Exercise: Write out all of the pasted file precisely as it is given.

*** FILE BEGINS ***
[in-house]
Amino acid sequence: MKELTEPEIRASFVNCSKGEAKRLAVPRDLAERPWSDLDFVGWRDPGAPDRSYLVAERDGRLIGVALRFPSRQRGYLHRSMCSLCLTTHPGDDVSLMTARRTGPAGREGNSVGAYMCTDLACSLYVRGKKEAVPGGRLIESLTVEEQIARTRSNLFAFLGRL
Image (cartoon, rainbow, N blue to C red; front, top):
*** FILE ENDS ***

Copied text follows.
[in-house]
Amino acid sequence: MKELTEPEIRASFVNCSKGEAKRLAVPRDLAERPWSDLDFVGWRDPGAPDRSYLVAERDGRLIGVALRFPSRQRGYLHRSMCSLCLTTHPGDDVSLMTARRTGPAGREGNSVGAYMCTDLACSLYVRGKKEAVPGGRLIESLTVEEQIARTRSNLFAFLGRL
Image (cartoon, rainbow, N blue to C red; front, top):